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  • Review: Curiosities of British Archaeology June 17, 2010

    Author: Beach Combing | in : Ancient, Medieval, Prehistoric , trackback











    Beachcombing has long looked for books that fit his stated mission: ‘the outlandish, the anomalous and the curious from the last five thousand years’. But he has almost invariably been disappointed by just how few books pass muster and also at the poverty or lunacy of those few that do. There are, however, exceptions and Beachcombing wants to present one here that risks oblivion: Ronald Jessup’s Curiosities of British Archaeology (Chichester 1974). Beachcombing regularly enjoys dipping into the second edition from Phillimore.

    At first glance the title might evoke bad Indiana Jones: ‘the time I found Boudicca’s grave’; ‘the mystery of Stonehenge’, ‘Tintagel and the UFOs’. But the book is actually an exceptional and intelligent read. Essentially Jessup put together a selection of sources from the sixteenth century to the nineteen fifties relating to archaeology (and more generally the past). He edited them perfectly – there is even a little untranslated Latin! – and gave them witty sub-headings.

    To talk up his witty sub-headings will seem like  a rather desperate praise ploy. But their titles really are very witty and this  becomes evident at the beginning of chapters where the  sub-headings are set out together. We give here the partial contents of ‘Printless Feet or Fable and Legend’.

    Minoan Margate?

    –        Or Gatrian Margate

    A figtree blocke sometimes I was

    The Shippe Swalower

    A Golden Corselet

    Better than Precious Ointment

    It strikes Beachcombing that if we could take the capital letters out this would pass as an e.e. cummings masterpiece. Some of it even scans!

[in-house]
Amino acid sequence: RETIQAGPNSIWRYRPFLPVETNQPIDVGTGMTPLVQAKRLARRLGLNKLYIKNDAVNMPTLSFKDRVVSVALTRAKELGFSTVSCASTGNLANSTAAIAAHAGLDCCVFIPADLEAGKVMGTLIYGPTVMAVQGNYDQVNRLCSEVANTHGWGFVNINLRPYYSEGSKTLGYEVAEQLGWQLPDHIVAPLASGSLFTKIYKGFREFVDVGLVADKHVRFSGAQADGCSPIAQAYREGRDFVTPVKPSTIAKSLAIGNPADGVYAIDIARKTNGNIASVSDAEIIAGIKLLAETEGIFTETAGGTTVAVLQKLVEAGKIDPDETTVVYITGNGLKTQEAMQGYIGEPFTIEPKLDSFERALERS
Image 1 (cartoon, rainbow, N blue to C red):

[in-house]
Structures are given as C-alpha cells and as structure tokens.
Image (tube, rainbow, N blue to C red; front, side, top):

Jessup put the selections together with the help of a number of archeaology greats including Mortimer Wheeler  – whose second wife Mavis is Beachcombing’s all time favourite flapper – and Stuart Piggott. This was the last generation of British archaeologists who cared about the past more than about ‘Structuralism, Hermeneutics and Post-structuralism in Social Digs’ – there’s no e.e.cummings in that.

    Criticisms. Beachcombing has the sort of small mind that jumps over sonnets in poetry anthologies because they are too lengthy. As such he sometimes finds that the extracts chosen by Jessup go on a bit. Of course, if he was being paid for this review then he would certainly have read every single clause. But, as it is, he can be honest about his laziness, not least because it is a vice shared by the @generation. Having said this, the book is one to come back to and graze on and there is little worse or less necessary than systematic grazing.  Prussian cows get indigestion.

    And where can you get your copy? Well, Beachcombing got his for fifteen pounds over the web and it turned out to be an ex-library copy from Newborough. But that was at the very beginning of the internet age. Tonight he sent Snegly his computer wonk/assistant an amazon marketplace copy for one English pence plus postage: perhaps Snegly will go easy on Beachcombing next time his blogger friend downloads a Russian virus.